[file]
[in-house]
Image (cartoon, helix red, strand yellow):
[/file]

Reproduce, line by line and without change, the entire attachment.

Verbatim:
[in-house]
Image (cartoon, helix red, strand yellow):